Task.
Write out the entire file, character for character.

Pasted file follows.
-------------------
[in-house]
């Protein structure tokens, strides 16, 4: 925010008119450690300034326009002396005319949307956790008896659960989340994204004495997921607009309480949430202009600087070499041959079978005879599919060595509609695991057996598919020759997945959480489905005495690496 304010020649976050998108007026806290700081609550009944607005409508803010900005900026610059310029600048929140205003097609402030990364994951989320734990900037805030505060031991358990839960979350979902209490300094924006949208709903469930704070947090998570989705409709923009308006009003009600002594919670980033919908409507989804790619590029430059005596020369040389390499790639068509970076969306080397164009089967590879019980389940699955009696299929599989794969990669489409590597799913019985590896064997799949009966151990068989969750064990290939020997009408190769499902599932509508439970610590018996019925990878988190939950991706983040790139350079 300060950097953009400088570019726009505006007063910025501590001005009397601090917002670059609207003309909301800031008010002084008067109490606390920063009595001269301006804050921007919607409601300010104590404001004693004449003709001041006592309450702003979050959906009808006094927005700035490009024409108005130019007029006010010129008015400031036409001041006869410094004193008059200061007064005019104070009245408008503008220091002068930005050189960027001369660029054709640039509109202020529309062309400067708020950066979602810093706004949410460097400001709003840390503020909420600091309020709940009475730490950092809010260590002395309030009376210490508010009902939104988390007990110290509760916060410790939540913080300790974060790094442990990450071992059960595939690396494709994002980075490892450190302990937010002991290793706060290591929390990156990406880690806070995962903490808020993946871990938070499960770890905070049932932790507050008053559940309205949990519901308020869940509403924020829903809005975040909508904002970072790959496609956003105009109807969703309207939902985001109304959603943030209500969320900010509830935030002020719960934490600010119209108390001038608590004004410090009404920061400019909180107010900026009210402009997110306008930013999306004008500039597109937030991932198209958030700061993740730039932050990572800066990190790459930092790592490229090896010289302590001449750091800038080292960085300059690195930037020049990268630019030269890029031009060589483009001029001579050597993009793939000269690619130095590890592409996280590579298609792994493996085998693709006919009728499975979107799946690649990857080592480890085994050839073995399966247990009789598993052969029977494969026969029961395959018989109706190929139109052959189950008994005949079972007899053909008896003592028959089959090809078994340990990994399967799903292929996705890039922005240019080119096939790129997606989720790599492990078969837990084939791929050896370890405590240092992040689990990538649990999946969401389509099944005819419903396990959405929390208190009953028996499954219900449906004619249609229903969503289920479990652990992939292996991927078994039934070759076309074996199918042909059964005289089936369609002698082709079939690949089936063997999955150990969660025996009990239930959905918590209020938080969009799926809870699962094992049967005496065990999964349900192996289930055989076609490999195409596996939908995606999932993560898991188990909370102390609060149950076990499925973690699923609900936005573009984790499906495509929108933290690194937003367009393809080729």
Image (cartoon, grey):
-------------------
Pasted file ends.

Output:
[in-house]
């Protein structure tokens, strides 16, 4: 925010008119450690300034326009002396005319949307956790008896659960989340994204004495997921607009309480949430202009600087070499041959079978005879599919060595509609695991057996598919020759997945959480489905005495690496 304010020649976050998108007026806290700081609550009944607005409508803010900005900026610059310029600048929140205003097609402030990364994951989320734990900037805030505060031991358990839960979350979902209490300094924006949208709903469930704070947090998570989705409709923009308006009003009600002594919670980033919908409507989804790619590029430059005596020369040389390499790639068509970076969306080397164009089967590879019980389940699955009696299929599989794969990669489409590597799913019985590896064997799949009966151990068989969750064990290939020997009408190769499902599932509508439970610590018996019925990878988190939950991706983040790139350079 300060950097953009400088570019726009505006007063910025501590001005009397601090917002670059609207003309909301800031008010002084008067109490606390920063009595001269301006804050921007919607409601300010104590404001004693004449003709001041006592309450702003979050959906009808006094927005700035490009024409108005130019007029006010010129008015400031036409001041006869410094004193008059200061007064005019104070009245408008503008220091002068930005050189960027001369660029054709640039509109202020529309062309400067708020950066979602810093706004949410460097400001709003840390503020909420600091309020709940009475730490950092809010260590002395309030009376210490508010009902939104988390007990110290509760916060410790939540913080300790974060790094442990990450071992059960595939690396494709994002980075490892450190302990937010002991290793706060290591929390990156990406880690806070995962903490808020993946871990938070499960770890905070049932932790507050008053559940309205949990519901308020869940509403924020829903809005975040909508904002970072790959496609956003105009109807969703309207939902985001109304959603943030209500969320900010509830935030002020719960934490600010119209108390001038608590004004410090009404920061400019909180107010900026009210402009997110306008930013999306004008500039597109937030991932198209958030700061993740730039932050990572800066990190790459930092790592490229090896010289302590001449750091800038080292960085300059690195930037020049990268630019030269890029031009060589483009001029001579050597993009793939000269690619130095590890592409996280590579298609792994493996085998693709006919009728499975979107799946690649990857080592480890085994050839073995399966247990009789598993052969029977494969026969029961395959018989109706190929139109052959189950008994005949079972007899053909008896003592028959089959090809078994340990990994399967799903292929996705890039922005240019080119096939790129997606989720790599492990078969837990084939791929050896370890405590240092992040689990990538649990999946969401389509099944005819419903396990959405929390208190009953028996499954219900449906004619249609229903969503289920479990652990992939292996991927078994039934070759076309074996199918042909059964005289089936369609002698082709079939690949089936063997999955150990969660025996009990239930959905918590209020938080969009799926809870699962094992049967005496065990999964349900192996289930055989076609490999195409596996939908995606999932993560898991188990909370102390609060149950076990499925973690699923609900936005573009984790499906495509929108933290690194937003367009393809080729």
Image (cartoon, grey):